January 2023 Student Spotlight
In our first student spotlight of 2023, we hear from Henry Chen who tells us about his role as Safety Manager at the MTA Headquarters’ Office of the Chief Safety Officer, his role as team leader for the BSPA program’s consulting project, and more.
Can you tell us about your work as Safety Manager at the MTA Headquarters’ Office of the Chief Safety Officer?
Of course, the New York Metropolitan Transit Authority (MTA) is the largest transit system in North America. People call us the arteries and veins of New York City. It’s our mission to provide safe, on-time, reliable, and clean transportation services to the residents of the Greater New York Region.
As a Safety Manager in the MTA Headquarters agency, my role is to provide overarching support for the Office of the Chief Safety Officer to see to it that all agencies are up-to-date and compliant with all safety related matters. My department promotes safety, strategy, and policy. I collect all types of relevant organizational-wide data and create active dashboards for leadership to make data-driven decisions in real-time. This was especially useful during the COVID-19 pandemic when the MTA was in crisis management mode.
I am also the project manager overseeing several federally funded grant projects for the MTA to improve railroad grade crossing safety. From 2020 to now, through the work of my department, the MTA has been awarded over $40 million dollars from the Federal Railroad Administration (FRA) for safety improvement projects. As a project manager, I coordinate the work of several stakeholders including the state, local, municipal, and MTA agencies, as well as vendors and contractors. This is particularly important as a public manager because I track how the taxpayers’ monies are spent.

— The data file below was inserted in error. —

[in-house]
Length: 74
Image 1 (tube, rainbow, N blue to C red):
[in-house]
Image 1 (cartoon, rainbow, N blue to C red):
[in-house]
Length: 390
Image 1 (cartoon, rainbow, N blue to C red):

How has your role and the work you do changed since the pandemic began?
During the pandemic, my priorities shifted from normal duties to COVID-related safety matters and helped create the MTA Vaccination Program, Weekly Vax or Test Program, and the Contact Tracing Program, which I led. I also created an on-going COVID chronological events report and dashboards for reports to leadership. I kept all policies and procedures up-to-date and compliant with the ever-changing CDC guidelines.
Communicating new policies remotely to other agencies and asking for compliance from groups of people I’ve never met in person can be challenging. Reflecting on what has happened in the past three years, I can’t help but notice that a lot the old ways of annual agenda planning and routine work has shifted to managing crises. We have been forced to learn new technology and develop new ways of doing things. As a result, the MTA as a whole, and myself are more resilient than before.
You’ve got nearly 15 years of public service experience. How did you find this career path? Is it rewarding?